Your Insect Management Program
Insect pests can reduce yield, quality and profit. However, it is not easy to know how many is too many insects. A few may not cause much damage, but add a few more and they could start limiting yields. Typically, fields should be treated when insects reach or exceed established thresholds. These thresholds vary by state, and each grower must also decide how many insects are tolerable before treatment is necessary. It is important to remember that insects can vector certain diseases, such as Tomato Spotted Wilt Virus. Also, for plants that are stressed, a lower treatment threshold should be used.
Tips For Improving Your Program:
• Know the weather conditions that favor outbreaks. Hot, dry conditions are preferred by lesser cornstalk borers; wet periods favor southern corn rootworm.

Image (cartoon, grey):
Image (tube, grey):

• Make foliar insecticide decisions on a field-by-field basis. Use insecticides only when necessary. High-risk situations may justify preventative applications to control thrips or soil insects.
Weigh Insecticide Decisions Carefully
New Pests Have Become Troublesome
The third pest is the burrower bug, a cousin of the stinkbug. When pods begin to develop, they burrow around them and “sting” the peanut seed, leaving damage only evident when it is shelled and the skin removed.
Scouting peanut fields on a regular basis throughout the season is the surest way to identify what insect pests are present and when they reach treatable levels.